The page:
Book Club provides many opportunities to integrate your curriculum with Common Core State Standards. The charts on this page correlate each unit in Book Club for Middle School to the Grade 8 Common Core State Standards for English Language Arts. Your individual approach will depend on the specific grade-level standards you are using and on the content of your curriculum. Book Club lessons are flexible and may be enhanced with more explicit instruction in particular standards as needed.
Title: Book Club for Middle School
Publisher: Small Planet Communications, Inc.; 1st edition (March 2001)
Paperback: 208 pages
Product Dimensions: 10.8 x 8.2 x 0.5 inches
Electronic Edition: 2013
File Format: ePub, Mobi
About the Authors
Taffy E. Raphael | email@example.com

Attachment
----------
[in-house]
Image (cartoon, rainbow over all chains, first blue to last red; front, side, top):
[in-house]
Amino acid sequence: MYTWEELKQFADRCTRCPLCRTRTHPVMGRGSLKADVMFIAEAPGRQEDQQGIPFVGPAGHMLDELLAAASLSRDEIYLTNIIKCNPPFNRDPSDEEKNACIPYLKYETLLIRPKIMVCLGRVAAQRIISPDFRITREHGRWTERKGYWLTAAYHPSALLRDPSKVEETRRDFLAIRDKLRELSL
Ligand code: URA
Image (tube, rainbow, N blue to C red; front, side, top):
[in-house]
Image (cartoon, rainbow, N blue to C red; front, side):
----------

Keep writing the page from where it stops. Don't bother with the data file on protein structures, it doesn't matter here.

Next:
Taffy E. Raphael, a former classroom teacher, is currently a professor in the Department of Reading and Language Arts at Oakland University. She received her master's degree in reading instruction at the University of North Carolina at Greensboro and her Ph.D. from the University of Illinois, studying and conducting research at the Center for the Study of Reading. At Oakland University, she teaches courses on literacy instruction in the master's and doctoral programs and offers a workshop on Book Club each semester. Prior to taking her position at Oakland, she was a professor in the College of Education at Michigan State University. There she taught courses about literacy instruction; conducted research on alternative methods for teaching reading, writing, and oral language in elementary school; and coordinated the Master's Degree Program in Literacy Instruction for six years. Cofounder of the Book Club Project, Dr. Raphael led the collaborative team of researchers and teachers who developed the program over the course of eight years. She has published her research in such journals as Reading Research Quarterly and The Reading Teacher, and she has coauthored and edited books including Creating an Integrated Approach to Literacy Instruction (Harcourt Brace, 1996), Contexts of School-Based Literacy (Random House, 1986), and The Book Club Connection: Literacy Learning and Classroom Talk (Teachers College Press, 1997). In 1997 she was selected as Outstanding Teacher Educator in Reading by the International Reading Association.